The Japan-United States summit, which begins tomorrow, promises to involve what are known in diplomatic circles as 'frank exchanges' between the world's two richest nations.
Certainly, the summit will not be judged productive if there are not any frank exchanges. Indeed, Prime Minister Keizo Obuchi must receive a tough grilling from President Bill Clinton on what exactly is going on in Japan. More specifically: what is being done to fulfil promises of strong government action to prevent the Japanese economy from imploding and therefore sucking in the rest of the world? The answer, up to now, is clearly: not much of value. What is being done is having quite the opposite effect, particularly on Asia. Japan has cut lending, reduced imports and its currency has weakened.
Little has been done over the much discussed banking reforms - while a new reforming law has been drafted, it still waits to be passed.
Stimulation of the economy was also promised in the shape of a 16,000 billion yen package of investments. But where is the money? Public investment actually shows a fall, year on year. There is no doubt that Japan is seen by economic analysts as the key to the gathering global economic crisis, a crisis which now threatens to tip the world into a depression.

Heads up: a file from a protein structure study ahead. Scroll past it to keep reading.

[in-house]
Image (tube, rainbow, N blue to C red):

But the central problem in Japan is that of a weak political system which seems incapable of bearing the responsibilities of a super-rich nation.
The 'iron triangle' of politicians, industry and bureaucrats working as a team is collapsing under the weight of the task ahead, with each component now simply intent on survival.
Clearly, spending money by itself will not solve Japan's problems because confidence cannot be restored by propping up inefficient and crumbling enterprises.
What the Japanese Government is doing is simply putting off the inevitable, and the rest of the world, particularly Asian economies, is suffering as a result.
What is necessary is for Japan to let nature take its course, however painful the process, and allow rotten enterprises to die.